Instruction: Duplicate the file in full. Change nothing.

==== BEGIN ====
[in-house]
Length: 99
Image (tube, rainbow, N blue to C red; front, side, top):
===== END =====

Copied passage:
[in-house]
Length: 99
Image (tube, rainbow, N blue to C red; front, side, top):